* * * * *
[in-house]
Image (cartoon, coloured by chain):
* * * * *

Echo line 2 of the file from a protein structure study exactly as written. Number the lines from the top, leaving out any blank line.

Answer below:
Image (cartoon, coloured by chain):